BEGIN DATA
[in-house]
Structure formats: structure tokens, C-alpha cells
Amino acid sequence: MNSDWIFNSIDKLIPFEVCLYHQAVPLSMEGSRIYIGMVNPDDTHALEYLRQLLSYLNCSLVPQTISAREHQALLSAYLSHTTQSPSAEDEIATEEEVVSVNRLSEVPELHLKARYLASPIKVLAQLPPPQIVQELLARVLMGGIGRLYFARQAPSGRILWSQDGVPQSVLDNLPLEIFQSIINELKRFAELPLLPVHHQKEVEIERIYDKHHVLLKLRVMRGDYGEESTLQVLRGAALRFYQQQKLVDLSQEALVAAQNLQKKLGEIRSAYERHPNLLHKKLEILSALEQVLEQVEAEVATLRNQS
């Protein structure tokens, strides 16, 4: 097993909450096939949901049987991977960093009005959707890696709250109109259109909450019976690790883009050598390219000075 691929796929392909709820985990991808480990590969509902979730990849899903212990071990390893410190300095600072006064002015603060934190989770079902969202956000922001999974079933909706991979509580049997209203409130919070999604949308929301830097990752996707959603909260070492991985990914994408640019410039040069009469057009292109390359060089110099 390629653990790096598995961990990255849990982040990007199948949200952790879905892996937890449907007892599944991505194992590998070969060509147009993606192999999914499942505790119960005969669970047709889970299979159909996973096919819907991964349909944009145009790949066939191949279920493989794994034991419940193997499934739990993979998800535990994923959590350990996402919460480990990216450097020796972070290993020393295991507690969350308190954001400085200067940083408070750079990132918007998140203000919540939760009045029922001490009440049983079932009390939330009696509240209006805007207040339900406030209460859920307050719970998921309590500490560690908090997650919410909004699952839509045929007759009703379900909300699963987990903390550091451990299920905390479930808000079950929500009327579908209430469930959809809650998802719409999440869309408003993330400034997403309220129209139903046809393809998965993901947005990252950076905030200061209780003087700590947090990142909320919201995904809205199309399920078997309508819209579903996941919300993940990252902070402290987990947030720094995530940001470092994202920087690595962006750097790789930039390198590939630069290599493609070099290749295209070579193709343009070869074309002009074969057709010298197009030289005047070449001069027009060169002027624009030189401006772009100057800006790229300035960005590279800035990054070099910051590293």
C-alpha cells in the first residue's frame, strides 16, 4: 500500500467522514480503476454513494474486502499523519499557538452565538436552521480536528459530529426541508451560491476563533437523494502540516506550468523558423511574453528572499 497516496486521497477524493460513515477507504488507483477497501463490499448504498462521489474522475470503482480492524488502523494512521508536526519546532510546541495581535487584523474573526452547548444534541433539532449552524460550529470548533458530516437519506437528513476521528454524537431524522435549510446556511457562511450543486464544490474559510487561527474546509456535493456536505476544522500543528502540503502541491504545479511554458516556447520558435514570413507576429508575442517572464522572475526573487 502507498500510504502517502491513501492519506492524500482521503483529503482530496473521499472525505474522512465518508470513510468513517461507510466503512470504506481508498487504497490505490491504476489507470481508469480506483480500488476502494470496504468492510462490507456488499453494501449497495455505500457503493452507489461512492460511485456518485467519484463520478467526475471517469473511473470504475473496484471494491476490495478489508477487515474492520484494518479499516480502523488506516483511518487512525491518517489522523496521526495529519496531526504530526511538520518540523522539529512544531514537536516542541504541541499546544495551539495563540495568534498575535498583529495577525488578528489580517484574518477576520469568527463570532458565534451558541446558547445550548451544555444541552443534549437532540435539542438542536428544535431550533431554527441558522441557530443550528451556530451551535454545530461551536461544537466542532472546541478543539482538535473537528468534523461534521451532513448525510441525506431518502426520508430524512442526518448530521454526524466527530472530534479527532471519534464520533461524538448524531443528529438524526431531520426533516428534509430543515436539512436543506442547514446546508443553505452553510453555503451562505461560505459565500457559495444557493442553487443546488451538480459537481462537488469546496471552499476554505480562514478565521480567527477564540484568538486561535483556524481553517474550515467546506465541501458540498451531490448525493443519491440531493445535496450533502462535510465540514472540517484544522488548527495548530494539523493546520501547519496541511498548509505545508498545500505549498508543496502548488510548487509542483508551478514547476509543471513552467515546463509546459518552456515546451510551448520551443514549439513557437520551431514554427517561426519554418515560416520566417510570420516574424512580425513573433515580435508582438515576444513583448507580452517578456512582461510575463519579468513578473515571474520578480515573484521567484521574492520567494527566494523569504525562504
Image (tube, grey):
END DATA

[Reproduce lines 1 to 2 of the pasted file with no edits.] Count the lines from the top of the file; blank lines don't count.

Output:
[in-house]
Structure formats: structure tokens, C-alpha cells